What we know is that Eve is receiving an honor. What the movie sets out to do is explain how she rose so quickly in the ranks. All of that starts with her seeing every performance of a play that Margo stars in. Karen invites her to meet Margo, and Eve tells a sob story about her Air Force husband being killed in the war. The only thing that comforted her was a stretch of performances Margo did in San Francisco. When the play ended its run there, Eve headed for New York City.
Through the movie, there’s a considerable Single White Female feel. Eve is modest to the point of annoyance – constantly not wanting to be a bother, constantly helping out without being asked, constantly praising other people and insulting herself. Margo begins to grow paranoid and at any given time, someone in her friend group is suspicious of Eve or raving about how great she is. All of it first comes to a head when Margo reveals her fear to long time love (and director) Bill Simpson (Gary Merrill) – a scene which is immediately followed by Eve asking for the same drink Margo requests.
It all takes place at a party that’s negative turn is foreshadowed by the mention of Macbeth (well known in the theater for being bad luck to name). That moment is, of course, followed by Bette Davis turning flashily at the stair and uttering the immortal line (that should have acted as a warning at the beginning): “Fasten your seatbelts. It’s going to be a bumpy night.”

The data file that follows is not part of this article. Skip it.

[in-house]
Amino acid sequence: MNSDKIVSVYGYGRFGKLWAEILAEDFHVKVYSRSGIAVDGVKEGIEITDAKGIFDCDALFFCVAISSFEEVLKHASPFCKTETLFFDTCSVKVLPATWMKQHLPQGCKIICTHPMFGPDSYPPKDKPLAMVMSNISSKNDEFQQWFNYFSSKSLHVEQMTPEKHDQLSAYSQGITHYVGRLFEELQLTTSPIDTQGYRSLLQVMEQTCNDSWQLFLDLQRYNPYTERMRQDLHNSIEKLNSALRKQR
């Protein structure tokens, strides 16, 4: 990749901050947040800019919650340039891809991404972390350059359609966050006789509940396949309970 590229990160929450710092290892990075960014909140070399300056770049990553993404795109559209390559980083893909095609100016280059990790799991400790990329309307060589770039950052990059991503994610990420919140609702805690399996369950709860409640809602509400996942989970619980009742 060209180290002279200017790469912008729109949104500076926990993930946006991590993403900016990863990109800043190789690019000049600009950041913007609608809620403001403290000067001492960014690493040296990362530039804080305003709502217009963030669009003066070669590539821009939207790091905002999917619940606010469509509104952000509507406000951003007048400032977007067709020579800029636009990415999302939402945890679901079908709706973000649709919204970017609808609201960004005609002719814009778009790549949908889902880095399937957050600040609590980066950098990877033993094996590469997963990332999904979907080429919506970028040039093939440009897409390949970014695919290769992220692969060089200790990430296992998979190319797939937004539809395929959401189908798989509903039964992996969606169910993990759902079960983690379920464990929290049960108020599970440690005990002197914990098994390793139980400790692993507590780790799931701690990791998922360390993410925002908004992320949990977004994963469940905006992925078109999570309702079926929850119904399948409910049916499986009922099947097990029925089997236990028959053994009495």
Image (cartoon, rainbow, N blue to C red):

And it is. Eve shows the first hints that she’s conniving instead of earnest. Margo erupts at everyone before going to bed. The onlookers are left to somehow choose sides.
It’s also notable for a scene in which a hot, young thing named Ms. Casswell (and played hot and young by Marilyn Monroe) sits opposite Eve on the stair. The critic sits with Casswell, the director sits with Eve. Casswell represents politicking your way to the top. She’s demure and slightly sexual as she charms the producer into giving her an audition. He relents, but he isn’t happy about it. She has flirted her way into a shot. Eve represents the concept of working hard to achieve greatness, and she says as much – lavishing praise on the concept of lavishing praise. She lets loose her deep desire for applause while vehemently agreeing with Simpson that it’s the blood, sweat and tears that one grinds out on the way to success.
It won’t be until much later that the scene is revealed to be ironic. Casswell and Eve are both falsely selling themselves. Eve is just far, far better at it. Her self-centered nature is a different brand from Casswell’s or Margo’s, but it’s absolutely there.
How does Davis stand out in a story that’s not even hers? For one, she’s the sun that the characters revolve around. For two, she’s just that damned good an actress. She’s so good that she doesn’t need a spotlight. The writing here is a perfect blend of cynicism, sarcasm, and sincerity. Margo is self-aware, so she’s far from being a tragic figure. She knows exactly who she is to the point that she apologizes and truly feels regret for the bigger diva moments of her life. Even with stardom, her true goal is to keep her friends and lover close.